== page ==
Treehugger, one of our favorite green technology blogs, reported on this clever little item last week: a cell phone designed to run on Coca-Cola. The device runs on sugary water (yes, Sprite and Pepsi fans, most sodas will work) by breaking down carbohydrates – sugar – and in an electricity-generating chemical reaction. Not only would this type of phone conserve energy and eventually biodegrade, but it also might save you a few calories!
Think your cell phone is cool now? With new ground-breaking enhancements, mobile phones are getting cooler than ever before.
Engineers are capitalizing on the recent popularity of 3-D technology in movie theaters by creating a cell phone that projects 3-D images, and without having to wear any goofy glasses. Although it appears to be an average smart phone, when it is moved from a vertical to a horizontal orientation, the image on the screen becomes 3-D.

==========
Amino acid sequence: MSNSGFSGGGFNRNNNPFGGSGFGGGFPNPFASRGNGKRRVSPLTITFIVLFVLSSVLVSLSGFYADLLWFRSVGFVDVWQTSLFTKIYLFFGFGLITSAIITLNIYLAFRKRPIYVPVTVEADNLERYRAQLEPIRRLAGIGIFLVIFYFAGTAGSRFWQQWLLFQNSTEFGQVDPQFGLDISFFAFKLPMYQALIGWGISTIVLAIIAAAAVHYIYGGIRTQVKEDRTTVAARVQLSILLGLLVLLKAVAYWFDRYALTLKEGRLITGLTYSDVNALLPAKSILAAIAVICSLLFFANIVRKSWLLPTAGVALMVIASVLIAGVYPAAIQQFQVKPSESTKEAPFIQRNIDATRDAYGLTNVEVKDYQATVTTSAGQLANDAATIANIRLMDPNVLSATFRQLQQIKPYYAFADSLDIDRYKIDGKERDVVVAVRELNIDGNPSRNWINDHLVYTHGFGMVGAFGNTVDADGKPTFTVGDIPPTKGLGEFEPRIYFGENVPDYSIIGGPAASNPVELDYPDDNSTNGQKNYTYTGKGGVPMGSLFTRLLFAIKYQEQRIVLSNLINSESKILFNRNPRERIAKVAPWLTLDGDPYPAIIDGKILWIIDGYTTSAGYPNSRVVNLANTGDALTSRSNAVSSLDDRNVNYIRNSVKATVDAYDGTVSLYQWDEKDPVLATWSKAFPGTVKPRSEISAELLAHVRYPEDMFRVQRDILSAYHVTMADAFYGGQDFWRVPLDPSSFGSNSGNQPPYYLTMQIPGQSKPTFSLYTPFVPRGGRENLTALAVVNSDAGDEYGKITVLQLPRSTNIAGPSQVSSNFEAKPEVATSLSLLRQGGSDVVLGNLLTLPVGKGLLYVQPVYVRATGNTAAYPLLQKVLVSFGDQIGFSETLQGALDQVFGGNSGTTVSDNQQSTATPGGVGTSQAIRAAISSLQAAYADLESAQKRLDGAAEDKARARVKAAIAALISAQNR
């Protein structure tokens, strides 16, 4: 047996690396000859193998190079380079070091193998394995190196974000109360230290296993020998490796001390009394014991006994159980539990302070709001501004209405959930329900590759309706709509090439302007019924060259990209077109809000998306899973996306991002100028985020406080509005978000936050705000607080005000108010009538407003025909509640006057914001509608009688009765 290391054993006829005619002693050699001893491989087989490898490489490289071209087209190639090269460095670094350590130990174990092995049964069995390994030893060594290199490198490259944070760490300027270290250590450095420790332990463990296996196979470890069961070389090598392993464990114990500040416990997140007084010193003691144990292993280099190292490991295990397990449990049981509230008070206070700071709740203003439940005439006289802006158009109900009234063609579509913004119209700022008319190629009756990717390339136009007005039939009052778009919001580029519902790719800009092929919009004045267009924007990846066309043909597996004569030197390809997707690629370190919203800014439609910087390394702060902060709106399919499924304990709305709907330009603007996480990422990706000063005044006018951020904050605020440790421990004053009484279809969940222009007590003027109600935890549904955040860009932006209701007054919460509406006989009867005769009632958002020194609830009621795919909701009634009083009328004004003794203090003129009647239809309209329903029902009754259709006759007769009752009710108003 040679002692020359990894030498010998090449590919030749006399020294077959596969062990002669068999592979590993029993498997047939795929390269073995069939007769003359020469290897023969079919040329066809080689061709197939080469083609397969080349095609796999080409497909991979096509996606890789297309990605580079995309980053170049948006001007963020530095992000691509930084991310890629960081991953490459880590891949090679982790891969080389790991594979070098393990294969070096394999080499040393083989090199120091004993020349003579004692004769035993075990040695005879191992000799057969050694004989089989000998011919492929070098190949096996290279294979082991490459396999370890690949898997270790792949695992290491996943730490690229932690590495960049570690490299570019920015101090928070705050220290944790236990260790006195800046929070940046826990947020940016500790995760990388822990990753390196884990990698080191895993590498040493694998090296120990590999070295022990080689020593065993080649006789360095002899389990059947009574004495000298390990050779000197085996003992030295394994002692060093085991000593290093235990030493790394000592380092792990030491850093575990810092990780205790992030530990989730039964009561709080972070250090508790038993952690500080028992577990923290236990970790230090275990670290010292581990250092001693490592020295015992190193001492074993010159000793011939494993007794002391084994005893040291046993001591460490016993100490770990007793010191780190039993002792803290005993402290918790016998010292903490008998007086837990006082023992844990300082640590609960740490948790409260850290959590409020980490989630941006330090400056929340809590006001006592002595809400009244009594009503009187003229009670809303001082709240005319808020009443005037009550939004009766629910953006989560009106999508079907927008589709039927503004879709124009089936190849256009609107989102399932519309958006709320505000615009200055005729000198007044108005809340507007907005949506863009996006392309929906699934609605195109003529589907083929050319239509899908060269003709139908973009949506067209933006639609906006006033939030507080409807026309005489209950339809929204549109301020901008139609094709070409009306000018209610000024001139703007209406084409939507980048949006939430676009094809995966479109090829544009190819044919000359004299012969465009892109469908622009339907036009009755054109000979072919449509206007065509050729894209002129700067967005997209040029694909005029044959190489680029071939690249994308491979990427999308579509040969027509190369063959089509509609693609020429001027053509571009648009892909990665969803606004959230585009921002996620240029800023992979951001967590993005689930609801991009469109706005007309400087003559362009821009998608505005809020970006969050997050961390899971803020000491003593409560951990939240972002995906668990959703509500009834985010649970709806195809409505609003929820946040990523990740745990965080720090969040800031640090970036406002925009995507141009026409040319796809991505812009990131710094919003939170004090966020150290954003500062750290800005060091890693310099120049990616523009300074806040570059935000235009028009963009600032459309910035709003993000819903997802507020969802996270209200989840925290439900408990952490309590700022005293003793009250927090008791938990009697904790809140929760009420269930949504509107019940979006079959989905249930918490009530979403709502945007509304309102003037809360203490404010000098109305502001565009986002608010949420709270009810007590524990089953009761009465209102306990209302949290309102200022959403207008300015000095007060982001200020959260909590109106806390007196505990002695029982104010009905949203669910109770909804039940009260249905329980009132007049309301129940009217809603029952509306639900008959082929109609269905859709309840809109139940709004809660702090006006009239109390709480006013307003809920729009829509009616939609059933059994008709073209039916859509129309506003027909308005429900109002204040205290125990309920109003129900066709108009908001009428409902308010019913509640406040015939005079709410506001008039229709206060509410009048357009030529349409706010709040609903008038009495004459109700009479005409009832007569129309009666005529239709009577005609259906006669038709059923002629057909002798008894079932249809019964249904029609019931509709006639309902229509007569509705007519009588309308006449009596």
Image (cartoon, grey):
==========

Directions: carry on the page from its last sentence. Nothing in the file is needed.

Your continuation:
With mobile devices perpetually shrinking, touchscreen space is starting to become the next challenge for makers of cell phones and music players.
Luckily, Microsoft’s research lab has come up with a solution to the surface area problem: the human body. Researchers from Microsoft and Carnegie Mellon have created an interface that allows people to use their arms and fingers like touch screens. The system, called Skinput, works by recognizing a variety of acoustical (vibration) patterns that happen when you tap your arm. Video after the jump.
eGFI is featured on the new National Academy of Engineering website “An Engineering Education Makes a World of Difference“.
“An Engineering Education Makes a World of Difference” is a new website from the National Academy of Engineering that highlights role models who have used an engineering education to innovate products, processes, and services that improve human health, welfare, and happiness. Twice a week for each week from Monday, January 31 through Thursday, July 14, the site will release a new video (less than 30 seconds long) to be posted to the web and which can be “pushed” to individual cell phones. You can text “CASEE” to 21534 to subscribe to the twice-weekly videos.
You’re a soldier in stuck in the middle of nowhere. Need to charge your cell phone? Fret no more. Check out this new video from LabTV about a Bat hook-like device that allows troops to tap into nearby power lines for electricity: